Two films present a modern take on the Western, through the eyes of a British and a Chinese director, and centring on the relationships between horses, a 15-year-old boy and a Native American cowboy.
Lean on Pete tells the story of a 15-year-old boy searching for a home and a race horse destined for the slaughterhouse. Part-Western, part-road movie, above all it is a coming-of-age story.
The film is adapted from an award-winning novel by Oregon-based musician and writer Willy Vautin. Teenager Charley has an absent mother and an unreliable father, who has just uprooted him once again at the beginning of summer and brought him to Portland, Oregon. Left to his own devices, and with no friends, Charley happens upon the Portland Downs racecourse, and lands a summer job looking after a horse, “Lean on Pete”. Things seem to be looking up for Charley until his father ends up in hospital, and he learns that Lean on Pete is going to be put down.
Determined to take control of his future, Charley absconds with Lean on Pete and sets off on a horseback roadtrip across the West, searching for his aunt, who represents the only opportunity he has for a loving, stable home.
A strong cast includes Charlie Plummer as Charley. He started his career as a child in a recurring role in the TV series Boardwalk Empire, where he met Steve Buscemi, who plays the gruff horse-trainer who takes Charley on. Chloe Sevigny also stars as a jockey.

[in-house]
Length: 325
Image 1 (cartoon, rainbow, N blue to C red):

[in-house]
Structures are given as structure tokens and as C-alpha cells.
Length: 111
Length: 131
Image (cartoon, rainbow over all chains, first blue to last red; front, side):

The teenage protagonist makes it an excellent film for class work, especially if you have animal- or horse-mad pupils. The trailer gives a good, simple, summary of the story but ends with boy and horse walking off towards the horizon, leaving plenty of room for hypotheses. Each mini-scene in the trailer can allow speculation: how would the boy feel if he’s just arrived in a new place? What might happen if he has no mother and his father is in hospital.
On the novel publisher’s site you’ll find extracts of the book.
The West from the Outside
Although the author is from the West, the film was written and directed by British director Andrew Haigh, who went on his own 3-month road trip to the locations in the novel to familiarise himself with the setting.
Another outsider’s view comes from director Chloe Zhao, whose second film won the Grand Prize at the Deauville Festival this year. The Rider is the story of a Native American cowboy who has to stop riding after a rodeo fall. It is set in Native American country, in the South Dakota Sioux Reservation where her first film was set, The Songs My Brothers Taught Me.
Zhao, who was born in China, went to boarding school in the U.K. as a teenager, then moved to the States, immersed herself in the life of the reservation before writing her first film, and again before The Rider, which is inspired by a true story. In fact, it is a mix between documentary and fiction. Brady Jandreau, who plays the cowboy Brady in the film, grew up and lives on the Sioux reservation, is a talented horse trainer, and suffered a head injury in a rodeo fall. His father and sister in the film are played by his real father and his sister Lilly, who has Asperger’s syndrome.
Some of the most touching scenes in the film are when Brady visits his friend Lane in a rehabilitation centre. Lane Scott, playing himself, is paralysed after another rodeo accident.
The film offers a fascinating insight into a community that is rarely seen, and the real-life dilemma of how someone can re-define their life after a trauma forces them to abandon an all-consuming activity and job.
This clip shows Brady’s close affinity with animals as he tames a wild horse.
Lean on Pete
In cinemas 25 April
On general release